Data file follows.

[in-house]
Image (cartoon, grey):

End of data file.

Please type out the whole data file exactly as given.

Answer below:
[in-house]
Image (cartoon, grey):